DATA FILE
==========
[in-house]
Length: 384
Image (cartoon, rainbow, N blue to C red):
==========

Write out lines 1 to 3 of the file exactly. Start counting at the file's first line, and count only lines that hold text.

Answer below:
[in-house]
Length: 384
Image (cartoon, rainbow, N blue to C red):